Although Frank is at pains to separate his approach from that of Freud and orthodox psychoanalysis, and Frank rightly insists that an artist like Dostoevsky cannot be held to have a theory of human nature, nevertheless he points out all the features of unconscious mental life and the irrational that Dostoevsky understood. In the midst of the worst humiliations of prison life, Dostoevsky found illustrations of the need people have to affirm their dignity. He identified his prison experience with the life in an ideal Socialist Utopia, and he emphasized the general need of human beings to express a will of their own in defending themselves against psychological encroachment. “The prison camp,” Frank writes, “convinced Dostoevsky that private work, which guarantees the individual a sense of self-possession and moral autonomy, was fundamental for maintaining the human psyche on an even keel. . . .” Frank has amply prepared us for the creation of the underground man.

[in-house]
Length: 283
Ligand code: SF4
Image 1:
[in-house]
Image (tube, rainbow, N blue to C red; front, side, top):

The Years of Ordeal also covers Dostoevsky’s army life, as well as his first marriage. After his wedding, the diagnosis of epilepsy became settled; and evidently his first wife never forgave him for what she thought of as a concealment. During this formative period, Dostoevsky’s belief system became established. Tsar Alexander II, who abolished the serfdom that The Seeds of Revolt established was an essential constituent of Dostoevsky’s revolutionary activities, seemed a worthy object of Dostoevsky’s devotion. The Crimean War solidified the notion that Russia had a mission to redeem Western culture.